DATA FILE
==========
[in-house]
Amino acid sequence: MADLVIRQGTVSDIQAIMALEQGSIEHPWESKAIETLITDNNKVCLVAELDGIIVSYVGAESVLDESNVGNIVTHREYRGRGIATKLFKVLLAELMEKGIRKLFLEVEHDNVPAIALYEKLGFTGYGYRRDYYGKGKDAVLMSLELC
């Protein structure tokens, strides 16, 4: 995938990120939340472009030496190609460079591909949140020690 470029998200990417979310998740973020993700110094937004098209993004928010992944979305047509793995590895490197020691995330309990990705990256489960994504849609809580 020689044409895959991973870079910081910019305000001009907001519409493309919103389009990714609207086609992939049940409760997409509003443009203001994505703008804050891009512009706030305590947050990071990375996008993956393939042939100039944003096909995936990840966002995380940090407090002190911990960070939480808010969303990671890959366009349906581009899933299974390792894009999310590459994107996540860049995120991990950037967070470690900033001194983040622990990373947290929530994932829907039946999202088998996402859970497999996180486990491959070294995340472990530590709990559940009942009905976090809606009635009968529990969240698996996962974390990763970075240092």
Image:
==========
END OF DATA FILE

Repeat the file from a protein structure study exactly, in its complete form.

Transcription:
[in-house]
Amino acid sequence: MADLVIRQGTVSDIQAIMALEQGSIEHPWESKAIETLITDNNKVCLVAELDGIIVSYVGAESVLDESNVGNIVTHREYRGRGIATKLFKVLLAELMEKGIRKLFLEVEHDNVPAIALYEKLGFTGYGYRRDYYGKGKDAVLMSLELC
């Protein structure tokens, strides 16, 4: 995938990120939340472009030496190609460079591909949140020690 470029998200990417979310998740973020993700110094937004098209993004928010992944979305047509793995590895490197020691995330309990990705990256489960994504849609809580 020689044409895959991973870079910081910019305000001009907001519409493309919103389009990714609207086609992939049940409760997409509003443009203001994505703008804050891009512009706030305590947050990071990375996008993956393939042939100039944003096909995936990840966002995380940090407090002190911990960070939480808010969303990671890959366009349906581009899933299974390792894009999310590459994107996540860049995120991990950037967070470690900033001194983040622990990373947290929530994932829907039946999202088998996402859970497999996180486990491959070294995340472990530590709990559940009942009905976090809606009635009968529990969240698996996962974390990763970075240092």
Image: